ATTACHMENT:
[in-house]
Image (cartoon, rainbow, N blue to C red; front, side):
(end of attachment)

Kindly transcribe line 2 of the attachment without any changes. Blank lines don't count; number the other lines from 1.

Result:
Image (cartoon, rainbow, N blue to C red; front, side):